Cabot war hero to be recognized at Pearl Harbor ceremony

An Arkansas veteran disobeyed orders to save lives in the attack on Pearl Harbor, but his heroism went unrecognized for decades.

LITTLE ROCK, Ark. (KTHV) — One week from today, in Honolulu Hawaii, the 76th anniversary of Pearl Harbor. The observance always begins at 7:55 a.m. Hawaiian time. That was when the first Japanese plane attacked in 1941.

But this year there'll also be a ceremony in the evening. It's purpose will be to finally honor a sailor who became a hero after disobeying orders.

The Arizona had been hit repeatedly. It was sinking, and as the Japanese continued to bomb Pearl harbor, the smoke cleared long enough for six men stranded on the Arizona's turret you see circled in the picture, to signal to a sailor on a smaller ship.

The man on the smaller ship was Joe George. Against orders, he managed to miraculously throw a line up to the men, a line that would save their lives, one of whom was Don Stratton.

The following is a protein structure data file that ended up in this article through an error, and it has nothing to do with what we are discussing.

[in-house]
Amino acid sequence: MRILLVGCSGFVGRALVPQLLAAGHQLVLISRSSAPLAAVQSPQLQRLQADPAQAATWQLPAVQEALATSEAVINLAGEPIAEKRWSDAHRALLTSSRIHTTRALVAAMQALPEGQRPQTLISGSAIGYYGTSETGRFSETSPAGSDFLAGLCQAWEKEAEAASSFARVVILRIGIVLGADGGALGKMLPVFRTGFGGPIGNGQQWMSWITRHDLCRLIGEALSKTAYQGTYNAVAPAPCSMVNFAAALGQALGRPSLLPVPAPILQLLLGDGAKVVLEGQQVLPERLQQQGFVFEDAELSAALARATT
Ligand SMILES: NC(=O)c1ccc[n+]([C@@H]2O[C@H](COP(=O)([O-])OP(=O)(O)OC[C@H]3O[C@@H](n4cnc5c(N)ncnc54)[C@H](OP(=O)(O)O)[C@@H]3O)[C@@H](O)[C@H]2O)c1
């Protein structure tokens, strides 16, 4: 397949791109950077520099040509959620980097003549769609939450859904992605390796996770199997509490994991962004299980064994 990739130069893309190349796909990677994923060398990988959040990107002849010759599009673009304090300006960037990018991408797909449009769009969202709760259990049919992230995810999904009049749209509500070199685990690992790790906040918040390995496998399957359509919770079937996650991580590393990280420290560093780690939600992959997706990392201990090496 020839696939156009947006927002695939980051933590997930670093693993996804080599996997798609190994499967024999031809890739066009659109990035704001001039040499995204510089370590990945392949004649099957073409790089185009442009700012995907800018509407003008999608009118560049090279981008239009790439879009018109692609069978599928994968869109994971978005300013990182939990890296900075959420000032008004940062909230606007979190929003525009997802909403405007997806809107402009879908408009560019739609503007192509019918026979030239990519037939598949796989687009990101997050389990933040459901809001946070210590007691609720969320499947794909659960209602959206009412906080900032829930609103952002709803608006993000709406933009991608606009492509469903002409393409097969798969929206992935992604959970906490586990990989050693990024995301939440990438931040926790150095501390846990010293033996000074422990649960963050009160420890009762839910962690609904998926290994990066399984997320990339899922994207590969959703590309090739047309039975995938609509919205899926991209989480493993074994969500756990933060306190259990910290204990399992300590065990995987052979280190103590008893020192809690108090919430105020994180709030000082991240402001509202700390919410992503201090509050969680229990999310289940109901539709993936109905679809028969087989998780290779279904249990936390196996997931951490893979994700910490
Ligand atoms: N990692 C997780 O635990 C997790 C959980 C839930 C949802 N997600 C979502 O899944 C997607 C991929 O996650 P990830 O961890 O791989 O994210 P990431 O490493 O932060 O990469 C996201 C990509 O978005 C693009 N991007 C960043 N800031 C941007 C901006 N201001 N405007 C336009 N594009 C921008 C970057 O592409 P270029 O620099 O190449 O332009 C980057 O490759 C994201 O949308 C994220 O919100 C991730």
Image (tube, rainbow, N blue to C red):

It's why the Stratton family began a 17-year quest to get recognition for the man who had meant there would be a Stratton Family.

That's Jo Ann Taylor, George's daughter, who joined the Stratton's effort three years ago, because as we first reported she had never known the full story. 

After letters to Congressmen, attending Navy Pearl Harbor Reunions, a meeting with the Secretary of Defense, even meeting with the President of the United States, just before Thanksgiving Jo Ann got a call.


The medal will be presented to Jo Ann in Honolulu on Dec. 7  in the evening, in a ceremony separate from the big observance of the morning

The two living survivors Joe saved that day, though well into their 90s, intend to be there, too.

© 2017 KTHV-TV


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